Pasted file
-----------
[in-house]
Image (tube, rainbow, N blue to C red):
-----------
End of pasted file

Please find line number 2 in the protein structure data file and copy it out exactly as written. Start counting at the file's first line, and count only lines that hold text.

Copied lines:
Image (tube, rainbow, N blue to C red):